Three Ways College Students Can Stay Mentally & Physically Healthy During Finals Week
Every college or university has a “Finals Week,” a time when the semester winds down and stress runs high with tests, papers, and projects all coming together at once. With students so focused on completing their work and acing their tests, many fall short when it comes to taking care of themselves.
Every year, a number of college students find themselves under the weather either during Finals Week or as it approaches, making it even more difficult to focus on schoolwork.
Here are three things college students can do to stay mentally and physically healthy during Finals Week, allowing them to end their semester on a high note.
Get organized to ease stress
“Stay organized” is a rule to live by for college students, but it becomes especially important around Finals Week. Organization helps students have a better handle on things like what assignments are due on certain dates or where a certain final is taking place.
Increased organization will help students feel more prepared and in control, which in turn helps ease stress. Stress can weaken the immune system, meaning stressed students are more likely to get sick.
Before Finals Week kicks off, students should categorize each of their classes, noting which classes require finals, which classes have outstanding work, and other pertinent information.
Writing these things down, whether on paper or in a note-taking app, allows students to have a clear list of what’s coming up and what’s been done.
Plus, who doesn’t love the feeling of checking something off of a to-do list?
Make time for breaks and exercise
For many students, Finals Week and the days leading up to it are filled with non-stop studying, as students use these so-called “cram” sessions to try to be as prepared as possible.
While it may seem like devoting all of one’s time to studying is a good thing, it’s important to set aside time for breaks as well. After all, the human brain can only absorb so much information in one sitting!
Taking breaks while studying allows students to pull themselves away from their work for a while, helping to clear their heads. Quick breaks also may help reduce stress, allowing the mind to take a break from that term paper or final.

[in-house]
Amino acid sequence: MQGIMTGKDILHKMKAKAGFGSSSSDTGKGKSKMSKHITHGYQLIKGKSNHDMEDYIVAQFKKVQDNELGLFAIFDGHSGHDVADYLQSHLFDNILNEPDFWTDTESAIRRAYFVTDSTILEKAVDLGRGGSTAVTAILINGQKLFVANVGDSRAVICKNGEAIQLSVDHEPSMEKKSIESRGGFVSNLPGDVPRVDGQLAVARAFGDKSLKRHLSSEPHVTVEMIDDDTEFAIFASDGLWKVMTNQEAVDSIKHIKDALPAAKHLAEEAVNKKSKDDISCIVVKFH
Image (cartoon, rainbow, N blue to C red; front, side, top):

These breaks don’t have to be long or time-consuming to be effective.
They can be something as simple as taking a 5-minute walk on campus each time an essay page is finished, or leaving the textbooks in the dorm room during lunch.
Exercising, whether it’s a trip to the campus gym or going on a jog around the city, can also be a great way to take a break from studying. Exercising reduces stress, helps get the blood flowing, and helps clear the mind, allowing for better focus once the studying resumes.
Get a good night’s sleep
It goes without saying, but getting a good night’s sleep is rarely at the top of any college student’s agenda. Whether it’s due to schoolwork or social events, staying up until the wee hours of the night isn’t uncommon.
Late nights become even more common during Finals Week, as students pull all-nighters to try to get as much work done as possible, whether it’s memorizing that formula or perfecting that essay conclusion.
While it may seem like a good idea to maximize the amount of study time one has, it’s still vitally important to get enough rest!
College students who consistently don’t get enough sleep are more susceptible to getting sick due to weakened immune defenses. A lack of sleep can also lead to a groggy, dazed feeling, which isn’t great for anyone taking a test.
Finally, not getting enough sleep can make retaining information more difficult, meaning those facts a student spent all night memorizing may be hard to recall the next morning.
If students take the “get organized” approach to Finals Week, they’ll be able to budget enough hours during the day to get their work done.
This will allow the students to get to bed at a reasonable hour without feeling like they’re leaving too much work for the next day.
For students who find themselves crunched for time, take a few minutes to organize your tasks in terms of priority. Tackle the high-priority items first, then consider getting some sleep.
After all, the work will still be there in the morning!